- The Washington Times - Thursday, August 21, 2014

American photojournalist James Foley was shown this week to be executed by Islamic State fighters, and while heartbreak and outrage have been the strongest reactions to the tragic news, Mr. Foley’s faith has emerged as a source of comfort.

Marquette University this week posted to its website a letter from Mr. Foley — a 1996 graduate — titled “Phone call home.” It recounts his time in captivity in Tripoli, Libya, how he used prayer to meditate, and a phone call he made to his mother in which he learned that loved ones back home were praying for his safe return.

“I began to pray the rosary,” he wrote. “It was what my mother and grandmother would have prayed. I said 10 Hail Marys between each Our Father. It took a long time, almost an hour to count 100 Hail Marys off on my knuckles. And it helped to keep my mind focused.”

Mr. Foley’s mother told her son that Marquette was holding a prayer vigil. Asked whether he could feel the prayers, Mr. Foley wrote, “I feel them.”

“Maybe it was others’ prayers strengthening me, keeping me afloat,” he wrote. “If nothing else, prayer was the glue that enabled my freedom, an inner freedom first and later the miracle of being released during a war in which the regime had no real incentive to free us. It didn’t make sense, but faith did.”


The archbishop of Oklahoma City on Wednesday filed a lawsuit against a group of people planning a satanic Black Mass next month.

In documents filed with the District Court of Oklahoma City, Archbishop Paul S. Coakley has asked that the Dakhma of Angra Mainyu Syndicate return any and all portions of a consecrated host that reportedly is destined for desecration during the Mass.

“To Catholics, the consecrated host is the most sacred, respected, and revered thing in the world,” court records state.

According to the Dakhma website, during Black Masses the host is “corrupted by sexual fluids then it becomes the sacrifice for the Mass.” The Black Mass is a way to “receive a ‘blessing’ from the Devil,” and the desecration is part of the ritual “to mock the Catholic Mass in the form of a blasphemy rite used to deprogram people from their Christian background.”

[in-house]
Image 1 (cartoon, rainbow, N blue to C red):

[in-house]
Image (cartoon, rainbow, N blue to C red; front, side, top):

An ice bucket and extra towels are about all you can expect to find in Travelodge hotel rooms. The company has announced it would be removing Bibles from the nightstands in its British locations.

“This decision was based on customer research and the fact that we live in a multicultural society,” a Travelodge spokesman told The Huffington Post UK, adding that the Bibles would be available at front desks for visitors who request them.

The hotel chain said it had not received any complaints regarding the missing Bibles.

The Church of England voiced its discontent with the decision, saying it is “both tragic and bizarre that hotels would remove the word of God for the sake of ergonomic design, economic incentive or a spurious definition of the word ‘diversity.’”

The Huffington Post UK reported that the Bible policy was put into place in 2007 but was only now receiving attention.


He was elected amid a storm of controversy after his predecessor broke 600 years of tradition by resigning, but Pope Francis this week told reporters he “would do the same.”

“I think that the emeritus pope is already an institution, because our life gets longer and at a certain age, there isn’t the capacity to govern well because the body gets tired, and maybe one’s health is good, but there isn’t the capacity to carry forward all the problems of a government like that of the church,” Francis said, according to the Religion News Service.

The pontiff shared his thoughts with reporters while flying home from his visit to South Korea, one of many trips Francis has made during his first 18 months in office.

The 77-year-old pontiff also acknowledged that he is beginning to slow down. Though he joked about having only “two or three years” left of life, he told reporters he does sleep more.

“I read the things I like. I listen to music. That way I rest,” he said. “In July and part of August, I did that.”

• Meredith Somers can be reached at msomers@washingtontimes.com.

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